Videogame developer mines movie-based properties from 'Godfather' to 'Hobbit'
Nearly 40 years after “The Godfather” was first released in theaters, Paramount Pictures was made an offer it couldn’t refuse: Turn the aging Mob classic into an online game that, if successful, could put some coin into the company’s coffers.
The studio had little to lose at the time; the trilogy isn’t being prepped for sequels or a reboot. And a game released around an anniversary might help boost homevideo sales.
That’s a stunning result that surprised Hollywood, which normally views mobile and social games as low-budget marketing tools to promote film releases. Thanks to that success, Kabam, the San Francisco-based gamemaker behind “Five Families,” has truly helped change the way studios look at such games.
Over the past 10 months, Kabam’s mobile game “The Hobbit: Kingdoms of Middle-earth” also has become a breakout hit and will generate more than $100 million by the end of the year from in-game transactions. That prompted the film franchise’s co-producers, Warner Bros. and MGM, to buy an undisclosed stake in Kabam earlier this year, replacing a previous shareholder. Warners CEO Kevin Tsujihara sits on Kabam’s board.
Universal Pictures also has scored via Kabam’s first mobile racer, “Fast & Furious 6: The Game,” which has been downloaded more than 30 million times since May. It became Kabam’s fastest growing game, with better than 17 million downloads in the month of June alone, and topped the vidgame charts in more than 100 countries.
What’s worked so well for Kabam is the free-to-play model, where individuals start a game at no cost, then purchase new levels or outfit characters with upgrades once they’re fans.
According to Kabam and market research firm NPD, people are 10 times more likely to try a game if they can try it for free. “You get people to start playing the game, and then you get people to pay,” says Chris Carvalho, chief operating officer of Kabam. “We as an industry have embraced that.”
The free-to-play model works especially well on social media sites like Facebook and Google+, and mobile platforms like smartphones and tablets, where casual games including “Farmville,” “Angry Birds” and more recently “Candy Crush” have flourished. The thinking is that consumers don’t want to pay for a game they don’t know, and having to stop and take out a credit card might be effort enough to dissuade someone from buying, particularly when downloading a game takes just seconds.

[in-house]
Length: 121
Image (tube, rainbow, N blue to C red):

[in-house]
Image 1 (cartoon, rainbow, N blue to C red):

After free-to-play helped put companies like Kabam, Zynga and King on the map, more traditional publishers like Electronic Arts embraced the model for their own games. Disney also has shifted away from producing expensive console games for its films, focusing instead on comparatively inexpensive social platforms that have launched such franchises as “Where’s My Water?”
Studios are certainly eager to exploit free-to-play, given the unexpected new source of income it generates.
Mobile and online games were always seen as marketing tools for the studios — and still are, with Kabam releasing “The Hobbit” game in November around Peter Jackson’s first entry in the trilogy.
But as companies like Kabam stepped up the quality of the games, the titles quickly became ways to keep fans engaged with a franchise long after the films ended their runs in theaters.
“Marketing-based games and apps were nice little time-fillers to get people excited about the movie,” Carvalho says. “It definitely served a purpose. But you get that and much more now. What we’ve done is gone beyond simple engagement and created a new revenue stream.”
Just how much the studios collect is undisclosed, given that Kabam is a privately held firm. Company revenues grew 70% last year and are expected to increase another 65% this year to around $300 million. The company had mulled an IPO but dropped those plans after rival Zynga struggled on Wall Street. Kabam was recently valued at around $700 million.
But the game maker does share revenue with the studios — in much the way Netflix splits its sales. “They make money when we make money on the game,” Carvalho says.
Moving forward, Kabam will work with its studio partners to use games as a way to drum up interest in a homevideo release, or sell tickets to a film’s opening weekend the way Rovio is using the 1.7 billion downloads of “Angry Birds” to promote new spino s, animated short films or the full-length feature set to fling into theaters in 2016.
When Warner Bros. released “The Hobbit,” the studio promoted the fantasy pic through Kabam’s “Hobbit” game. More than 1 million people wound up watching a trailer for the fi lm via the game, which offered incentives to buy tickets to the movie’s opening night.
Kabam isn’t entirely reliant upon film licenses, however. Its staff of around 700 also produces homegrown hits, including strategy game “Dragons of Atlantis.” Combined, “Kingdoms of Camelot” and sister game “Kingdoms of Camelot: Battle” have turned into a $250 million franchise over the past four years.
Clearly, as consumer interest in free-to-play builds, so will Hollywood’s.
“It’s part of the evolution of the industry,” Carvalho says. “We’ve helped elevate the expectations of the studios.”
Founded in: 2006
CEO: Kevin Chou
Investors: Warner Bros., MGM, Google, Intel
Venture Capital: Redpoint Ventures, Canaan Partners
Location: San Francisco